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If the line is to serve central Warrington there will need to be either a tunnel or viaduct to thread the town, the old Bank Quay Low Level route is too twisty.
The old alignment across the Mersey through Lymm is compromised by development and the M6, and all the approaches to Warrington have dense modern residential areas to avoid.
The area through Rixton east of the M6/south of the CLC is pretty empty (it used to be a mix of bog, "night soil" deposits and canal dredgings), but reaching there from Penketh will be expensive.
And an M56 route takes you well south of Warrington centre (though still within the modern borough, eg Stretton).
Either way you need a new viaduct over the Mersey unless you use the HS2 one on the Golborne branch around Warburton.
Near Broomedge, I would cut across from a new M56 following route to Grappenhall to join the Latchford viaduct route into Warrington from the east. That would avoid the old line through Lymm.
 

Glenn1969

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Quite. So we will see what Sunak is willing to pay for when the IRP is published. I just don't see it being as much new build as most of us would want
 

snowball

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If the line is to serve central Warrington there will need to be either a tunnel or viaduct to thread the town, the old Bank Quay Low Level route is too twisty.
The old alignment across the Mersey through Lymm is compromised by development and the M6, and all the approaches to Warrington have dense modern residential areas to avoid.
The area through Rixton east of the M6/south of the CLC is pretty empty (it used to be a mix of bog, "night soil" deposits and canal dredgings), but reaching there from Penketh will be expensive.
And an M56 route takes you well south of Warrington centre (though still within the modern borough, eg Stretton).
Either way you need a new viaduct over the Mersey unless you use the HS2 one on the Golborne branch around Warburton.
Probably the most westerly published data point, concerning what routes are being thought of towards Liverpool, is on the plans linked in #188 and #222 which show a possible site for a bridge over the HS2 main line from Hoo Green towards Golborne. It is about 500m south of the M56, and the line towards Liverpool seems to have moved a bit further from the M56 between the A556 crossing and the HS2 main line crossing.
 

MarkyT

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Probably the most westerly published data point, concerning what routes are being thought of towards Liverpool, is on the plans linked in #188 and #222 which show a possible site for a bridge over the HS2 main line from Hoo Green towards Golborne. It is about 500m south of the M56, and the line towards Liverpool seems to have moved a bit further from the M56 between the A556 crossing and the HS2 main line crossing.
They may have revised designs to move the new alignment a little further from the motorway, even though loosely still following it. That is best practice today to avoid long, narrow strips of rail/road locked land being created that are difficult to access for any purpose and for wildlife to use for habitat.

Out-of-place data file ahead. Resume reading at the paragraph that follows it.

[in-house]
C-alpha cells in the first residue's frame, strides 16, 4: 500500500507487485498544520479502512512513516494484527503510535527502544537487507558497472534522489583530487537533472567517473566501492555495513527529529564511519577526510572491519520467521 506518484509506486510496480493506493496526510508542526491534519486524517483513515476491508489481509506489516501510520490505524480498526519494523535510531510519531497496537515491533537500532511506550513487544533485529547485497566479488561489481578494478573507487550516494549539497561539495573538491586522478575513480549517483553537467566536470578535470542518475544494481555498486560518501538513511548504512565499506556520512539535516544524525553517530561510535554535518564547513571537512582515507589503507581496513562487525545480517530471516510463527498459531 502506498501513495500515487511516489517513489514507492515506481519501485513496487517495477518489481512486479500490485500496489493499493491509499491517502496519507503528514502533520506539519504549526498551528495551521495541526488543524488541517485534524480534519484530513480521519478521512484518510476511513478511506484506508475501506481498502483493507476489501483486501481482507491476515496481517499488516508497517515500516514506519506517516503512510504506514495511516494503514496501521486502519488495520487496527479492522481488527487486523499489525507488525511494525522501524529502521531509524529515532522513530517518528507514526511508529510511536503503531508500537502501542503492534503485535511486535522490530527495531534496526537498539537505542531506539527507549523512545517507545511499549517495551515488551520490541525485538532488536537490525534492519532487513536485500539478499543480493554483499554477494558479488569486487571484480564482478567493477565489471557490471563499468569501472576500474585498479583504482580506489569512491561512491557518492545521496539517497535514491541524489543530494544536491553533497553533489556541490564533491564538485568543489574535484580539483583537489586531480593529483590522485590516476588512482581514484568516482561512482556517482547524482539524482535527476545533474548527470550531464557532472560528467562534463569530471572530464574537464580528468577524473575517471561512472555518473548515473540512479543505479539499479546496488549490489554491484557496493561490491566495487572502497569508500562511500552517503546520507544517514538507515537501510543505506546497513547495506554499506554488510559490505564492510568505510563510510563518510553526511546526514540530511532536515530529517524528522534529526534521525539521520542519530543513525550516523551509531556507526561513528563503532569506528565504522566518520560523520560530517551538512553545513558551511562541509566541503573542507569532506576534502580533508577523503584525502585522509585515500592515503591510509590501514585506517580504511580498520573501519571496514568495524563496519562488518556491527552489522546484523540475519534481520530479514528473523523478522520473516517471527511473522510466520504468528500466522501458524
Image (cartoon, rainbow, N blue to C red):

Roose

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But journey times are also hard to achieve if trains get slowed down for stations. Which may be why Bradford, Warrington and Widnes as "secondary hubs" should be worried. I live in Halifax and know we have next to no chance of an NPR station- market not big enough
Bit odd to group the country's seventh largest city with Warrington and Widnes.
 

matacaster

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Bit odd to group the country's seventh largest city with Warrington and Widnes.

Whilst this is true in terms of population, one also needs to look at the reasons why people might want to travel to a place like Manchester, Leeds or Bradford for work or leisure and I'm afraid on these criteria Bradford is more like Warrington and Widnes neither of which would be a particular highlight destination.
 

Purple Orange

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Bit odd to group the country's seventh largest city with Warrington and Widnes.

  1. London
  2. West Midlands
  3. Greater Manchester
  4. West Yorkshire
  5. Merseyside
  6. Tyneside
  7. Etc etc
I’d argue that Bradford is a part of a larger city. Unless West Yorkshire is too discontinuous compared to other city regions. The arbitrary lines drawn on a map to denote the council boroughs do not reflect our cities today.
 

HSTEd

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ONS doesn't even define Bradford as a separate built up area from Leeds.
 

Glenn1969

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Leeds, Bradford and Wakefield are 100% NOT one large conurbation. There has always been disquiet in Bradford in particular that too much focus is given to Leeds. BUT my thought about NPR is Sunak either won't fund the extra 4bn required for the via Bradford route or will seek to keep costs down by not having NPR intermediate stations between Manchester and Leeds
 

mister-sparky

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The population figures for Bradford are for the entire council area, which covers a very large area and definitely does not represent the true population of the city of Bradford. In true terms it is nowhere near the 7th largest in the UK
 

37424

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Leeds, Bradford and Wakefield are 100% NOT one large conurbation. There has always been disquiet in Bradford in particular that too much focus is given to Leeds. BUT my thought about NPR is Sunak either won't fund the extra 4bn required for the via Bradford route or will seek to keep costs down by not having NPR intermediate stations between Manchester and Leeds
I live 5 miles from Bradford and 7 from Leeds, I very rarely go to Bradford I haven't been for about 3 years but from a regen perspective and a political perspective if they are going to build the totally new line between Leeds and Manchester then I think it has to serve Bradford even at increased cost, and get away from the dog end service it has at the end of 2 sidings
 

adrock1976

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What's it called? It's called Cumbernauld
Of my first taste of geography at primary school, England's ten largest cities are:

1) London
2) Birmingham
3) Liverpool
4) Sheffield
5) Leeds
6) Manchester
7) Bristol
8) Leicester
9) Kingston upon Hull
10) Coventry

This was based on what the population was back in 1981. Bradford is just outside at Number 11.

Perhaps Northern Powerhouse Rail should have a look at a high speed route to Kingston upon Hull as well as Bradford/Leeds/York etc?